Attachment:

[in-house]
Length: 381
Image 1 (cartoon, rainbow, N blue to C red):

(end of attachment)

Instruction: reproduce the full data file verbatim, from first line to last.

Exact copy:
[in-house]
Length: 381
Image 1 (cartoon, rainbow, N blue to C red):